Talk:Renin–angiotensin system

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RAAS Schematic


Yo, its a mistake that AT2 increases the excretion of POTASIUM, please CORRECT THAT inda graphic, thanks —Preceding unsigned comment added by (talk) 08:10, 20 April 2011 (UTC)

I think that the figure (created/uploaded in 2006) isn't completely wrong as suggested in the comment above, if one notes the arrow pointing upward from aldosterone. It simply doesn't separate the activity of AT2 on Na reabsorption (in exchange for protons) from that of aldosterone in driving sodium/potassium exchange. I've created an SVG version using Inkscape and uploaded it to Commons to facilitate corrections. — soupvector (talk) 04:51, 19 February 2018 (UTC)


The reason I reverted back to the other version was because a layman most definitely would be able to understand the syntax, terminology and wordage used in the article. Furthermore, some of the alternative terms were misleading; "created", for example, is extremely misleading, as none of these hormones/agents "creates" the other. I feel it should read "stimulates the releases of" which is correct in terms of endocrinology/physiology, and simply more accurate. Wisdom89 (T / C) 17:21, 8 June 2008 (UTC)

I'm sorry, but I have to agree (regarding "create", that is). "Angiotensin creates aldosterone" implies that the latter is directly derived from the former—that's not easier to understand, while it is inaccurate. Perhaps some compromise wording can be found, easier to understand while maintaining accuracy? Fvasconcellos (t·c) 17:29, 8 June 2008 (UTC)
Agreed, that should be easy to do I think. What confuses me was that the phrasing (of the older version) was "simple" in some places, while "advanced" in others, the mention of resistance with respect to the the afferent and efferent arterioles for instance. Wisdom89 (T / C) 17:37, 8 June 2008 (UTC)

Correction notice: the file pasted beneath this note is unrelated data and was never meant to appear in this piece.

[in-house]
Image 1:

Perils of collaborative editing, I guess. Few articles have an internally consistent level of language when you look closely enough. Fvasconcellos (t·c) 17:53, 8 June 2008 (UTC)
Wisdom89, the reason I don't think they'd understand it is that I've talked to a lot of educated, intelligent cancer patients, and also to social workers and other non-clinical medical professionals, and I was surprised to find that they don't understand a lot of the words that you and I would take for granted.
Why do you think a layman would be able to understand the lead? Nbauman (talk) 18:10, 8 June 2008 (UTC)
Hmm, ok well, let's get specific for a moment so that we can discuss this in more depth. Which words do you feel are too obscure/arcane for the layperson? I feel that any confusing physiological terminology can and would be blue linked (e.g vascular resistance) Wisdom89 (T / C) 01:34, 9 June 2008 (UTC)
Well, for example, "vascular resistance." Not only are the words difficult for the layman, but the concept is also difficult. In order to understand that sentence, you have to understand that vascular resistance causes pressure to increase. That's not a trivial or intuitive concept. Why should the pressure increase? I have a water pipe in my kitchen sink. If the water is flowing, and I increase the resistance, by tightening the faucet, the pressure doesn't increase. If I replace a low-resistance bulb in my light socket with a high-resistance bulb, the voltage doesn't increase. If you didn't already understand the physiology (and the physics) of the cardiovascular system, you wouldn't understand that sentence.